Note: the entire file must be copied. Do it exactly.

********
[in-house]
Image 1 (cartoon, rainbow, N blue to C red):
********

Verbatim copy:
[in-house]
Image 1 (cartoon, rainbow, N blue to C red):